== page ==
Mikolai Napieralski worked at Qatar Museums during the heyday of its run when oil prices were three times what they are today. Even then, he says, the expat community suffered a numbing sense of futility.
More to the point, Napieralski, who is writing a memoir of his time in Qatar, says its all been washed away by the new Emir, the hostility of the locals and a flood of money turning into a trickle.
Here’s Napieralski’s version of what happened published on Quartz:
the reality of day-to-day life for the staff at QM was a series of temper tantrums, meltdowns, threats, and people running to the bathroom in tears. But I guess that’s to be expected when you throw a couple hundred expats into a 14-story tower in the desert, pair them up with local bureaucrats, and tell them to launch a series of ludicrous exhibitions and international conferences in a country where a single shipping form or budget request can take months to process. […]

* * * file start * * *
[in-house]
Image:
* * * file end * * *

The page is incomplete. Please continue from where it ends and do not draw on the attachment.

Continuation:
As a result, Western expats at QM eased their guilt with generous tips for the service staff and a heavy dependence on alcohol. $25 cocktails at the W Hotel were an excellent way to forget that you were in the middle of the desert, surrounded by glaring wealth disparity and labor abuses. When the booze failed to fix things, people would simply implode, getting arrested, fired, and deported for a kaleidoscope of offenses.
Qatar’s oil boom created the world’s most extravagant art and museum scene—and also led to its demise (Quartz)